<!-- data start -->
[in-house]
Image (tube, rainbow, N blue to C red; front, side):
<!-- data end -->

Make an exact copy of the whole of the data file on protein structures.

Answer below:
[in-house]
Image (tube, rainbow, N blue to C red; front, side):